In 2016, Penplusbytes, with support from MAVC, rolled out the “Grassroots Open Government Using New Digital Technologies” project to enhance communication and information sharing between citizens and the local government in two districts in Ghana (Tamale Metropolitan Assembly in the Northern Region and Dangbe (Ada) East District Assembly in the Greater Accra Region) on issues of public service delivery especially in health, education and sanitation using a collaborative and integrated approach that included digital tools and face-to-face interventions such as public forums and community radio.

Penplusbytes is therefore expected to share its own intelligent summary of some of its projects under this theme including key successes, challenges, lessons, learning and partnership opportunities. “We will use the platform provided to reflect on and share our own experiences and interact with the knowledge and experiences of other researchers and practitioners working on issues of governance and technology,” says Jerry Sam, Director of Programmes at Penplusbytes.

This Learning and Inspiration Event forms part of MAVC’s own research and learning process which has, in the past, included review of literature and experiential evidence and a facilitated e-Dialogue. The one-day event will also enable participants to develop new relationships with others working on these issues, and offer space for reflection on the evidence that exists as they embark on new initiatives supported by MAVC.


Penplusbytes is a not-for-profit organization driving change through innovations in three key areas: using new digital technologies to enable good governance and accountability, new media and innovations, and driving oversight for effective utilisation of mining, oil and gas revenue and resources.

Making All Voices Count (MAVC) is an international initiative that contributes towards effective governance and accountability by enabling citizen engagement and open, responsive government in 12 countries in Africa and Asia.

Tuesday, January 17, 2017

Penplusbytes Connects with Ashaiman Citizens to their Assembly using New Digital Tools

Penplusbytes, with support from the Canadian Fund for Local Initiatives (CFLI) will on Thursday January 19th, 2017, engage citizens, local representatives, Civil Society Organisations and the media in a one-day forum at Ashaiman in Accra. 

The forum forms part of a number of activities under the implementation scheme of the “Enhancing Grassroots Civic Participation in Governance Using New Digital Tools” project which aims at using online and offline platforms such as this to reverse the exclusion of citizens in the local governance process.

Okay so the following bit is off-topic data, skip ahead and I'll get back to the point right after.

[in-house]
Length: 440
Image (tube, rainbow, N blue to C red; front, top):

Penplusbytes officially launched this innovative project last year in the Ashaiman Municipality to empower citizens through digital tools to effectively participate in the local government decision making processes and promote better public service delivery especially in health and education.

While Ghana is lauded for its electoral successes, citizens’ participation in the formulation, implementation, monitoring and evaluation of government policies and programs have remained generally weak due either to the limited or complete lack of attention in mobilizing citizens for this end or the lack of requisite knowledge and skills to carry out same. These, according to Jerry Sam, Programmes Director at Penplusbytes, has “culminated into poor public service delivery.” 

He said, “Penplusbytes is presently utilizing, under this project, some innovative and integrative mechanisms to close the existing loophole and institutional capacity gaps by transforming the relationship between state and non-state actors at the local level.” 

Thus, this citizens’ forum will provide an avenue for awareness creation amongst citizens on issues such as allocated budgets and development plans which would arm them with the requisite knowledge about the Ashaiman Municipality and thereby contribute meaningfully to the effective management of their resources for the benefit of all.

Penplusbytes is a not-for-profit organization driving change through innovations in three key areas: using new digital technologies to enable good governance and accountability, new media and innovations, and driving oversight for effective utilisation of mining, oil and gas revenue and resources.
The Canada Fund for Local Initiatives (CFLI) provides direct funding assistance to local non-governmental organizations and, in exceptional cases, international NGOs and government institutions, for small projects addressing gender equality and women empowerment, democratic governance, climate change and environmental sustainability, security and stability and other issues.